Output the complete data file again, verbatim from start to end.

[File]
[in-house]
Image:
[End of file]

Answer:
[in-house]
Image: